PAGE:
Currently, in SDC Verifier, it is possible to perform code checking according to EN 13001 (2018) Crane safety – General design – Crane standard EN 13001-3-1+A2 Limits States and proof competence of steel structure.
You can perform Static Strength, Fatigue Strength and Weld Strength checks according to EN 13001 in SDC Verifier.
- Help Article on EN13001 Fatigue
- Help Article on Weld Strength based on EN13001
- Read the article Checking according to EN13001 standard in SDC Verifier.
Crane safety – General design (EN 13001, 2018)
EN 13001-3-1 standard deals only with the limit state method. The allowable stress method is reliable in specific cases – for cranes where all masses act only unfavorable with linear relationship between load actions and load effects. To account for the uncertainty of fatigue strength values and possible consequences of fatigue damage – fatigue strength specific resistance factor should be specified. This standard considers only nominal stresses, i. e. stresses calculated using traditional elastic strength of materials theory; localized stress concentration effects are excluded. When alternative methods of stress calculation are used, such as finite element analysis, using those stresses for the proof given in this standard may yield inordinately conservative results. Read the help article on implementation of NEN EN 13001 in SDC Verifier.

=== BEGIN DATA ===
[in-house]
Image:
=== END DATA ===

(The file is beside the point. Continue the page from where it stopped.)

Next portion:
Info on EN Standards
European Standards (abbreviated EN, from the German name Europäische Norm (“European Norm”)) are technical standards drafted and maintained by CEN (European Committee for Standardization), CENELEC (European Committee for Electrotechnical Standardization), and ETSI (European Telecommunications Standards Institute). Moreover, there are a lot of ISO and IEC standards that were accepted as “European Standard” (headlined as EN ISO xxxxx) and are valid in the European Economic Region. European Standards are a key component of the Single European Market. They are crucial in facilitating trade and have high visibility among manufacturers inside and outside the European territory. A standard represents a model specification, a technical solution against which a market can trade.
European Standards must be transposed into a national standard in all EU member states. This guarantees that a manufacturer has easier access to the market of all these European countries when applying European Standards. Member countries must also withdraw any conflicting national standard: the EN supersedes any national standard.